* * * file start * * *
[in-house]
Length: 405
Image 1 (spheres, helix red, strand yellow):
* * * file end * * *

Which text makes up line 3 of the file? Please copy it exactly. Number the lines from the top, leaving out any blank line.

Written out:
Image 1 (spheres, helix red, strand yellow):